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Frank Masi/2010 Summit Entertainment

Red

Movies | Award-winning material this film is not, but as a reasonably entertaining two-hour diversion with a group of old pros, it hits the mark

Issue: "At the wire," Nov. 6, 2010

Deftly mixing action, humor, and a romantic heart, Red delivers a rollicking fun time at the cinema, especially for those older in body but still young in spirit.

Frank Moses (Bruce Willis) is a retired CIA agent in a suburban neighborhood where the only excitement in his life entails ripping up his retirement checks so he has an excuse to call his thrill-seeking customer service agent, Sarah Ross (Mary-Louise Parker).

When a special-ops team invades his home in a failed attempt to kill him, Frank seeks out some of his old colleagues, with Sarah in tow, for help in uncovering the plot against his life. This quirky set of characters includes a randy nursing home inmate (Morgan Freeman), an uber-paranoid lunatic who lives in a swamp (John Malkovich), and a refined, professional homemaker who was one of the CIA's most lethal assassins (Helen Mirren).

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Based on a comic book series of the same name, Jon and Erich Hoeber's screenplay contains several cartoonishly violent action sequences and some strong, offensive language, earning the film its PG-13 rating. The screenwriters never attempt to do more than entertain their audience, interlacing exciting action scenes with well-timed humor, all wrapped around a retiree who just wants to live a normal life and his often ham-handed attempts to woo a woman who just wants some adventure to spice up her life.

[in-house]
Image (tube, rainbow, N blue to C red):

What pushes this film slightly above B-movie level is the amazing cast of award winners director Robert Schwentke has to work with and the solid performances he gets from each of them. Between Mirren (The Queen), Freeman (Million Dollar Baby), Richard Dreyfuss (The Goodbye Girl), and Ernest Borgnine (Marty), they have enough Oscar gold to plate their own yellow-brick road to Oz. There are also the Emmy-award-winning Malkovich (Death of a Salesman) and Willis (Moonlighting), and the Tony-award-winning Parker (Proof).

Award-winning material this film is not, but as a reasonably entertaining two-hour diversion with a group of old pros, it hits the mark.

-Michael Leaser is editor of FilmGrace and an associate of The Clapham Group

Michael Leaser
Michael Leaser

Michael is editor of FilmGrace and an associate of The Clapham Group.

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